I am new to kinetics so please explain it from basic, If there is a reaction -

$$\ce{A + B + C -> D}$$

In first order reaction rate is given by-

$\mathrm R = k[\mathrm A]$ or $\mathrm R = k[\mathrm B]$ or $\mathrm R = k[\mathrm C]$

my question is why cant $\mathrm R = k[\mathrm A]^{1/3}[\mathrm B]^{1/3}[\mathrm C]^{1/3}$ even though order of reaction is still $1$,----- is it by definition that 1st order reaction always depend on concentration of single reactant, or is there any experimental proof for this?.

  • 3
    $\begingroup$ because the definition of first order reaction is that it depends on concentration of single reactant $\endgroup$ Commented Jun 2, 2020 at 12:55
  • $\begingroup$ @chemstackisunhelpful I am sorry but your answer is unhelpful $\endgroup$
    – maverick
    Commented Jun 2, 2020 at 13:06
  • $\begingroup$ pl explain it briefly $\endgroup$
    – maverick
    Commented Jun 2, 2020 at 13:07
  • $\begingroup$ $\ce{A + B + C -> D}$ is not a first order reaction. $\endgroup$ Commented Jun 2, 2020 at 13:16
  • 1
    $\begingroup$ No. If $\ce{A + B + C -> D}$, then the rate law would be $r = k[\ce{A}][\ce{B}][\ce{C}]$, if the rate law is determined to be $r = k[\ce{A}]$, then the reaction cannot be elementary. $\endgroup$ Commented Jun 2, 2020 at 17:15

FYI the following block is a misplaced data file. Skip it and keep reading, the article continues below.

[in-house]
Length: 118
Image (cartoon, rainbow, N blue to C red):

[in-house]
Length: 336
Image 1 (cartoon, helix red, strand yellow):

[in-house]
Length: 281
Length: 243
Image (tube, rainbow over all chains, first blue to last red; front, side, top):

1 Answer 1


As a purely mathematical definition, a first order reaction is one in which the rate is directly proportional to concentration of reactants. The thing you should look for is physical examples of this. This only happens if you have reactions where one compound is decreasing and the other one is abundance (pseudo - first order) , or , radioactive decay where the decay rate is proportional to number of atoms at a point.

The reaction you have shown with three reactants would most probably me not first order unless two of the three are abundant. So, the solution to the confusion is to think of the physically possible scenarios which the equation models instead of creating hypothetical situations and force the math to model that.

  • $\begingroup$ Yeah thanks for answer , after so long, I had already finished chemical kinetics !! $\endgroup$
    – maverick
    Commented Jul 9, 2020 at 13:47
  • $\begingroup$ Did my answer help? ^^ $\endgroup$
    – Babu
    Commented Jul 9, 2020 at 13:48
  • $\begingroup$ Yeah you have written almost same, about what I thought after getting no help, But thank you for the answer it really helps a lot, to clear concepts $\endgroup$
    – maverick
    Commented Jul 9, 2020 at 13:51

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